All films of this "trilogy" (of course it wasn't intended as such) were shot in "Techniscope" (i.e. 2 perforation holes instead of 4, as in "Cinemascope" ) hence cutting stock costs in half - unfortunately same goes for picture resolution. Therefore a slightly lesser picture quality than in usual Cinemascope Blu-ray transfers is the result. But this only adds to the intentional grittiness of Carlo Simi's production design. Much better prints are not likely in the future.
Still these Blu-ray prints of the three movies differ in their picture quality with "Few More" being the best (except some minor visible stain at TC 00:04:09-56, Chpt. 2) followed by "Fistful" and "Good, Bad, Ugly" (due to excessive DNR processing).

Alternatives for the 3-disc box set?
- "Fistful" - you can also look for the Italian BD release from RHV (Ripleys Home Video; Region Free) available from
- "Few More" - this BD is available seperately
- "Good, Bad, Ugly" - you could wait for an enhanced BD version, but who knows when this will be around? "Good, Bad, Ugly" of course could use some improvement...
- Fox have put out a 4-disc BD set also including "Hang 'em High" available from (RC? / picture quality? / audio?)

Overall these BDs look great - a definite improvement over DVDs - and are great fun to watch!! Audio commentary by Christopher Frayling (author of: "Spaghetti Westerns: Cowboys and Europeans from Karl May to Sergio Leone", 1981) impressively marks the difference between informative vs. talkative (yes, Sir!) and provides you with everything you always wanted to know about these Leone films but didn't know whom to ask... brilliant!!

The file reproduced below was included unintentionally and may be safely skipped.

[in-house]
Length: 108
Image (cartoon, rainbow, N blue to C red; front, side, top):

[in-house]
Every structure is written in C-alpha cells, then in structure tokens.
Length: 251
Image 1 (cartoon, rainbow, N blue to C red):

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Updated for the 2014 remaster: Only "The Good, The Bad And The Ugly" has been remastered with a slightly darker look and a yellowish/teal overtone to the film. Detail is quite nice.

Original Review:

The trilogy of westerns made by Sergio Leone during the early to mid-60's are among the best of the so-called spaghetti westerns produced. Leone's unique cinematic vision and his unusual use of the camera (a bit of trivia Leone never storyboarded his films. Unlike Hitchcock and other major directors he had it all in his head)make these films unique and powerful. Leone was the first foreign film director to make self reflective movies; i.e., his westerns were really about the classic western films he grew up loving with a post-ironic twist.